I've been contemplating this so much that the other day I actually had a dream about using a Bessa hahaha. Like I said I'm leaning toward the Leica or Zeiss. The Leica seems like the more appealing option right now because of the resale value, cheaper price, and the fact that I never really use aperture-priority because I like manually selecting my values. Paired with the M6 would probably be a Zeiss 50mm f/2 and/or something from the CV lineup.
I guess the next question is how much can I expect to pay for an M6 in good condition? I know earlier in the thread I put the price at 1200-1500 but was wondering what a more accurate price would be.
Looking at KEH it seems generally you can get an EX condition M6 for $1,250 or so. You can get a LN- for about $1,600. My experience with KEH is that anything EX+ or better is perfect - YMMV.
In terms of the Zeiss ZM lenses at KEH or on an auction site, LN new ones in perfect condition can be had for 65% or so of the price new.
My experience with KEH is that none of the equipment I have bought there has needed a CLA.
I was going to share the above too. KEH will be about 10-20% higher than what you might find privately or on eBay but I think the premium is worth it for the return privledge and the warranty plus their reputation of being very conservative in their condition classifications. In my experience of shopping and owning a few Leica bodies the cheaper ones are cheap for a reason and you pay for it in the end, not just in the difference in price but the frustration that comes along with that.
Originally Posted by mhanc
There are other issues you haven't mentioned. The Zeiss has a funky shutter speed display in the viewfinder - it's on the right side and hard to see if you wear glasses. Both the ZI and the Bessa have brighter viewfinders than the Leica, unless you're looking at an MP or a newer M7. Still, the M6 is a wonderful camera and being manual, like the 3M Bessa, will work without a battery. The Leicas are also reparable by reputable independent shops - DAG, etc. I'm not sure that's the case with either the Bessa or the ZI. BTW, I have used all three; I like the viewfinders on the R2 Bessa and ZI better, and only the Leicas have had to be repaired - mostly due to being dropped. I shoot the M6s much more often. Go figure.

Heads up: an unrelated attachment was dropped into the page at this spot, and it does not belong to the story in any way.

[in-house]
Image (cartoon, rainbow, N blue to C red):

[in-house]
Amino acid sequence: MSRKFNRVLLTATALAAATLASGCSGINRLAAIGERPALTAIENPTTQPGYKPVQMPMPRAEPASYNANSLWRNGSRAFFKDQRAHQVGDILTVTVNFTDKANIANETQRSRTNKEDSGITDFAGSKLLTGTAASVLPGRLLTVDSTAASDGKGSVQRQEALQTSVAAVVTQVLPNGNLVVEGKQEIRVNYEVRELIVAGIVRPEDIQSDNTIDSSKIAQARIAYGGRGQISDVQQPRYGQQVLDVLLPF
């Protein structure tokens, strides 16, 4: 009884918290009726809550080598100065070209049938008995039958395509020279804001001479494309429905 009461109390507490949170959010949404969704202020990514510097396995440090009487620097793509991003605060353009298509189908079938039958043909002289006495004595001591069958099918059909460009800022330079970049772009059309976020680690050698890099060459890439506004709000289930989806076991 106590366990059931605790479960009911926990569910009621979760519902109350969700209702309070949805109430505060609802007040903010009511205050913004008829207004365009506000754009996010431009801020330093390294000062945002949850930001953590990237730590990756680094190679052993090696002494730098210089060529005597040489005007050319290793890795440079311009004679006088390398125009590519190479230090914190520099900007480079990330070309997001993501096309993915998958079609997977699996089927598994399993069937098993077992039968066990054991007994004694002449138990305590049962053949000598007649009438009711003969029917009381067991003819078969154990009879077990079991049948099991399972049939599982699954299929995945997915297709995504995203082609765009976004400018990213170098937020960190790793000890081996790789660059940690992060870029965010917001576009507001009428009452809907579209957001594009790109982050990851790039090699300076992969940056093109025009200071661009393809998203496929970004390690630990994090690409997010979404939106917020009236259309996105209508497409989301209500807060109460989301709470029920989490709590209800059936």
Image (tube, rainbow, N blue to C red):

That is very interesting what you said about the viewfinders. How much better do you think the Zeiss and Bessa ones are compared to the Leica? This is the first time I have heard this since everyone seems to rave about the M6s viewfinder.
Also, I wanted to reinforce how important build quality is. I was shooting my Mamiya RZ67 yesterday and ran into some issues. Yeah, they're well built cameras but I think I just have a finicky one haha. Man does it suck to run into problems with a camera in the middle of shooting. I almost raised the camera above my head before smashing it into the ground and then taking the sharp pieces of metal and plastic and pressing them into my eyes.
The Voigtlander Bessa R2A is an awesome rangefinder. Their price is slowly creeping upward. Buy one or two now while they are still reasonable.
Be sure to put a bottom on it.
Or better yet, this bottom.
Aids the handling and solid feel considerably. Careful with the winder not to hit rewind pin on base of winder before roll is finished - otherwise film advance problems.
If you do buy, buy from Camera Quest Stephen Gandy. He offers good service, but he will NOT service if you don't buy from him. Camera quest also on Ebay.